Elon Musk Creates the World's Most Exclusive School: Entrepreneur Reveals He Bought a Mansion to House 20 Pupils (Including His Five Kids) And Three Teachers

Categories: Education

If Elon Musk doesn't like something, he'll create his own, better version.

From reusable space rockets to revolutionary home batteries, it seems there's not much the billionaire can't improve.

Now, Musk is trying to do the same with his children's education by starting a radical school, with no grade structure, for just 20 pupils. 

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Elon Musk has started a secretive school for his five sons, and 15 other pupils who are the children of select Space X employees. He is pictured here with his boys Griffin, left, and Xavier, right, and wife Talulah Riley

The school is named AdAstra, which is Latin for 'to the stars,' and it's in southern California, in a mansion he purchased several years ago. 

School doesn't provide grades and caters to students' particular skillset.  Musk had a difficult childhood after being severely bullied at school.

'It has all these funny nooks and crannies and cute cupboards,' Musk said in a recent interview with Vogue

'It also feels quite like a little schoolhouse on the prairie - except in Bel-Air on a golf course.' 

In an April interview with Beijing TV, Musk says his school does away with the traditional grade structure of American primary education. 

'I thought, well, let's see what we can do. Maybe creating a school would be better.' 

Musk has five boys with his former wife Justine; a set of twins, Griffin and Xavier who are nine, a set of triplets, Damian, Saxon, and Kai aged seven, conceived using IVF.

He told Vogue that he is about about to take his children camping for the weekend, despite not enjoying the activity himself.

'I do it because I think they should have occasional arduous things,' he said. 'They have to cook and clean up: camping things.'

With the new school, which has three teachers, his goal is to cater for his students particular set of skills, rather than force them to follow an arbitary schedule.

'It's important to teach problem solving, or teach to the problem and not the tools,' Musk said. 

'Let's say you're trying to teach people about how engines work. 

'A more traditional approach would be saying, 'We're going to teach all about screwdrivers and wrenches.' This is a very difficult way to do it. 

'A much better way would be, like, 'Here's the engine. Now let's take it apart. How are we gonna take it apart? Oh you need a screwdriver.'' 

Since Musk opened the school, 15 other pupils have joined his five boys, and the school may grow larger in the future.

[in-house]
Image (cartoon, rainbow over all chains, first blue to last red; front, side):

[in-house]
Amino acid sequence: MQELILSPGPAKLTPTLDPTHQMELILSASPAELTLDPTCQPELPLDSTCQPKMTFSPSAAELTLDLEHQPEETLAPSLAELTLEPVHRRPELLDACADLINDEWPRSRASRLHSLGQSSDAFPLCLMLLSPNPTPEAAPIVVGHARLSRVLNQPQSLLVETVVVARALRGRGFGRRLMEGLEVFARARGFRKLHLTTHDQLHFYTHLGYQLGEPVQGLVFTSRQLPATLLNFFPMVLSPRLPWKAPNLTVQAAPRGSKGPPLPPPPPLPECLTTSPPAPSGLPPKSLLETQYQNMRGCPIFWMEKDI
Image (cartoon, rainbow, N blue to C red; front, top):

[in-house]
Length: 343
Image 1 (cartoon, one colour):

Most of the other pupils are believed to be children of selected Space X employees, which is hoping to establish a human colony on Mars someday. 

Musk took his children out of Los Angeles' Mirman School, along with of its teachers.

On its website, it describes itself as 'one of the few schools in the nation, and the only school in Los Angeles, that serves highly gifted children.'

Talulah Riley with her husband Elon Musk and his sons Griffin, left, and Xavier, right. With the new school, Musk's goal is to cater for his students particular set of skills

'Some people love English or languages. Some people love math. Some people love music. Different abilities, different times,' said Musk.

'It makes more sense to cater the education to match their aptitudes and abilities.' 

A new Musk biography from author Ashlee Vance, reveals Musk's childhood in South Africa was difficult as a result of severe bullying. 

In one incident, his classmates pushed him down a concrete stairwell. 

In his biography, Musk recounts the experience: 'They got my best f******* friend to lure me out of hiding so they could beat me up. And that f******* hurt.

'For some reason they decided that I was it, and they were going to go after me nonstop. That’s what made growing up difficult. For a number of years there was no respite. 

'You get chased around by gangs at school who tried to beat the [expletive] out of me, and then I’d come home, and it would just be awful there as well.'

But as far as his own children's experience at school, so far, Ad Astra 'seems to be going pretty well,' according to Musk. 'The kids really love going to school.' 


We've grown f****** soft.'

That was Elon Musk's reaction to a reporter who noticed there were hundreds of people working at Tesla's headquarters on a Saturday.

The billionaire also once said that if there is a way he could not eat and work more, he would. 'I wish there was a way to get nutrients without sitting down for a meal,' he said.

These are just a few of the colourful comments reported in a new book by Ashlee Vance documenting the 43-year-old's rise to fame.

The book, 'Elon Musk: Tesla, SpaceX and the quest for a fantastic future', suggests Musk's workaholic attitude wasn't just confined to the office.

'I would like to allocate more time to dating,' the founder of Tesla is quoted as saying.

'I need to find a girlfriend. That's why I need to carve out just a little more time. I think maybe even another five to 10 — how much time does a woman want a week?

'Maybe 10 hours? That's kind of the minimum? I don't know.'

According to excerpts published by The Washington Post, Musk also once berated an employee who missed a company meeting because he wanted to witness the birth of his child.

'That is no excuse,' Musk reportedly said in an email. 'I am extremely disappointed.

'You need to figure out where your priorities are. We're changing the world and changing history, and you either commit or you don't.'

by Ellie Zolfaghalifard / via DailyMail

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